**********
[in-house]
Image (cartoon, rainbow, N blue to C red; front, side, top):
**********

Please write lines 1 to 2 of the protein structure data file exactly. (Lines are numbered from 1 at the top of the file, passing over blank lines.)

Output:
[in-house]
Image (cartoon, rainbow, N blue to C red; front, side, top):